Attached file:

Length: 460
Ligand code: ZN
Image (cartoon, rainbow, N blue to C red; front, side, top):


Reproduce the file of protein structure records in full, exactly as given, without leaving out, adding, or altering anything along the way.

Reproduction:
Length: 460
Ligand code: ZN
Image (cartoon, rainbow, N blue to C red; front, side, top):